NASDAQ has its ascending triangle, the SOX is breaking to a new high, and there are the small caps consolidating laterally and trying to set up a move. We will see many good small caps positions when we look at leadership. There are the mid-caps, similar to NASDAQ, setting up an ascending triangle. The SP400 is setting up an ascending triangle and trying to make a higher low right now. Those are growth areas, and they are improving. If the economy is going to pick up, these indices are going to break out ahead of that.


The USO is lower and oil fell. During the week, some of the energy stocks that had rebounded after falling were showing signs of heading back over. HAL rebounded up to the resistance point at 28 and is struggling. It is showing a doji at resistance on a light-volume rebound after heavy-volume selling. It will roll back over. You can see the same thing in general in the OIH. It sold off early in the week, rebound Wednesday and Thursday, and a hangman doji at resistance on Friday it looks like it will head lower as well. BTU is showing some wear and tear, but it has not broken down completely. It did recover at the end of the week, but it was a low-volume recovery and it could head back lower. As it made a high in November, MACD was unable to make a high, rolling over at a lower level. That shows a weakness, and there was a selloff. We will see how this bounces. It has tried to come up to the 78% Fibonacci, and if it comes back up there again and stalls, it is definitely a downside play.

They say economic recoveries have a copper roof to them. FCX is somewhat of the bellwether of copper, and it is rolling over. Similar to other stocks, there was a high with MACD, there was a new high, and MACD failed to make a new high. There was a crash lower on volume, an attempt to hold near the 50 day EMA and some support, but the downside volume was stronger. It looks like it is ready to roll over and make a serious drop, possibly down to the 65 range. We will be looking at that as a short play for the weekend. It is the same story if you look at PCU. There is a double top --- I would have loved for this to hold down at the 78% Fibonacci, but it did not. It does not matter because the weakening MACD gapped lower on volume, there was a weak test, and it is ready to roll over as well.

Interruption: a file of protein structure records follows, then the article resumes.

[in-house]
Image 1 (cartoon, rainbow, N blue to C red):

Steel is still looking solid, and even AA had a good day because it upped its guidance. You would think that commodities would be moving higher given a better economic outlook for the US, but some are and some are not. Some have had great runs and are victims of their own success and of the strengthening dollar. Bear in mind that they do not necessarily cut against the idea that the economy will be improving in 2010.

GS bounced up Wednesday and Thursday, and it looks like it will try to roll back over. Some of the banks that were down Thursday tried to rebound. WFC gapped lower and recovered a bit of ground, and BAC recovered some ground as well. The financials are trying to bounce back. LM had two very difficult days on Wednesday and Thursday, but it recovered a bit of ground on Friday. Somewhat of a snap back in the financials, but they still are not great-looking patterns.

DOX has had a great run and is coming back and testing. It looks like that could be a play. It traded below the breakout point on the low Thursday and snapped back. Buyers picked it back up and it held up on Friday. It could give a buy. FALC has a trend reversal ongoing, and it is trying to set up and make a break. INFA is trying to make a breakout of an ascending triangle. SNIC had a nice breakout, and now it is testing and holding over very orderly pullback. A lot of these are in the business software area, and they cater to small businesses and increasing productivity. LFT is performing well, had a nice break higher, and has a nice flag in progress. I am looking for ABCD patterns this week and for flag pullbacks on the small caps. I am also looking for rollovers from some of the big caps and the sectors in energy and metals that rallied back a bit after breaking lower but are not able to consummate the recovery through resistance. That is going to give us some excellent opportunity.

FLOW had a break higher and a nice pullback a great flag. We have seen a lot of this catalog and retail stuff (such as VVTV) doing well. XING has a nice base, a break higher, and it is testing. It is volatile but just an example of what is going on. There is rotation. Money is coming into these and you can see the volume moving up.

There is ongoing accumulation as the overall market moves laterally. Big volume is coming in, and there are nice, long, low-lying consolidations where you see they have been buying all along. Then there is big volume moving in as they make the break. There is a lot of money flowing into small caps, and that is what happens in rotation. That is why the growth areas are moving higher.



VIX: 21.59; -0.73
VXN: 22.38; -0.75
VXO: 20.53; -0.44

Put/Call Ratio (CBOE): 0.9; -0.01

Bulls versus Bears: